In this third paper in our four-paper series on an approach to cash flow planning/forecasting, we take the six elements we discussed previously and look at how to create plans and forecasts that suit your needs. Refer to the first paper The comfort level of cash – we all have one, but what is yours? for a discussion on the distinction between planning and forecasting.
Now, let’s take all we’ve learned about the six elements of cash flow and learn how to combine them into a forecast that suits your business.
There are a number of ways to approach cash flow planning and forecasting. For those businesses that aren’t in the habit of cash flow forecasting, they are forced into short-term forecasting at the last minute. If it’s part of your business management process (and it should be), you’ll know that you can avoid panic and act according to the situation – you are in control of your business, which is what cash flow forecasting is all about. Let’s look at the various forecasting timeframes.
Short-term forecasts should be reasonably accurate as there is less speculation involved around transactions. Unless something completely unexpected happens (refer to the discussion on scenarios below), then you should have a good understanding of your transactions. If you don’t, going through the exercise of working with the six elements will give you that understanding.
Weekly, monthly, and quarterly. This lets you keep on top of current and known/expected events. Knowing movements on a daily basis is the best and most detailed way to plan cash flow.
Rolling 12-month forecasts. Most recurring short-term transactions have at most a 12-month cycle – annual income tax, workers’ compensation & insurance, for example, and a lot have a half-yearly or quarterly cycle, such as tax instalments. With a rolling 12-month forecast, you’ll always have these transactions allowed for – you can’t afford to miss them!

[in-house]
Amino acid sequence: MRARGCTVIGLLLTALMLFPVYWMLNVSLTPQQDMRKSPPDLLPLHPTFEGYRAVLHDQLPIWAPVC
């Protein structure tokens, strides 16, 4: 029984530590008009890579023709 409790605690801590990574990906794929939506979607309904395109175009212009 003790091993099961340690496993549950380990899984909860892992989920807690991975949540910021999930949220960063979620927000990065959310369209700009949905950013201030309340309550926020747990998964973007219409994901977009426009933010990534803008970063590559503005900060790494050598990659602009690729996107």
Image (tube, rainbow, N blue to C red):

If you do only one cash flow forecast in your business, it should be a rolling forecast.
Payables & Receivables. Consider these on an individual basis where possible, and the impact of changes to expected payment/receipt dates. The previous papers spoke of the uncertainty around differing scenarios (see discussion below), and even for short-term forecasts, it’s good practice to work with a number of feasible scenarios. This is particularly the case where you are relying on receipts from customers/clients and there’s uncertainty around when these will be received, in what amounts, and the like.
For all short-term forecasts, you should have a daily cash balance available to you. A model giving you weekly or monthly balances only will not be enough, particularly in times of tight cash flow – it will hide peaks and troughs in cash flow which you need to be aware of. This is illustrated in another article of ours, Cash Flow, Comfort Level of Cash, & Profit.
Whilst more speculative than short-term forecasts, these are important in order to give you an idea of how element 6 – long term inflows and outflows can be used.
3 – 5 year forecasts. These give an idea of when big (long-term) transactions can take place (both cash surpluses and deficits), so you can prepare for these to happen and make adjustments to activity accordingly.